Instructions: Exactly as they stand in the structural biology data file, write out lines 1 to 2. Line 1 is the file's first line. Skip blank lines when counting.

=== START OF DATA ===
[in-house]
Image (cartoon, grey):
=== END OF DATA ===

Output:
[in-house]
Image (cartoon, grey):